King, P. (2018) Sans Amity, No Truth or Justice. AMITY: The Journal of Friendship Studies, 5:1, pp. 1-26. doi: 10.5518/AMITY/24
Truth is often conceived as a cause of social bonding. Persons so bound may qualify as truth-holders (TH) or truth-seekers (TS). But neither TH nor TS are bound by truth. For neither possession of truth, nor its common pursuit, is per se a bond. (I) TH are of opinion they know some p is true. Suppose TH1 & TH2, from diverging perspectives, coincide in this. That these judgments coincide is (a) similitude of opinion, not (b) joint action. Similitude of outlook (opinion) is distinct from deliberate accord (bond). One just happens (‘is’), the other is willed and embraced (‘ought’). Suppose A & B share the correct view that McGee is being judicially killed (lynched). Imagine A as executioner, and McGee as executee. That A & B share this or any belief does not turn them into a team. (II) TS think they do not know if p is true, and commit to seek truth by reason of not having it. It follows that TS1 & TS2 cannot know what they pursue, who else is in pursuit, or by what bonds (if any) pursuers are bound. If TS bind themselves one to another, that is a distinct moral act. But a particular truth cannot cause them to bond where they are entirely ignorant of what this truth is. Social justice, should it exist, is grounded in a minimal, even primal, foundation, one of mutual affection among fellow creatures. It is not grounded in an abstract love of truth, whether the latter is sought, or supposedly already known.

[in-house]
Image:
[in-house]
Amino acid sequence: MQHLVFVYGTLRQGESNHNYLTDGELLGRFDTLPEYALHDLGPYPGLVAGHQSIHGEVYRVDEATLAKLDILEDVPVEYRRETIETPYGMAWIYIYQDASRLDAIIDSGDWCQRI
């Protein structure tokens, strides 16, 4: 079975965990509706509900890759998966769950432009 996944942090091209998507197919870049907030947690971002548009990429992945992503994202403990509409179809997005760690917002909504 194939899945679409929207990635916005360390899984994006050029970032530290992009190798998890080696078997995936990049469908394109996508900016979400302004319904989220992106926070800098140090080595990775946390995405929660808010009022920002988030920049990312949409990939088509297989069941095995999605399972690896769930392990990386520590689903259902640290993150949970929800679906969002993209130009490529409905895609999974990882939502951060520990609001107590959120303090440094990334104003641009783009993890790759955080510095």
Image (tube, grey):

Keywords: Truth; Justice; Amity; Knowledge; Friendship; Discourse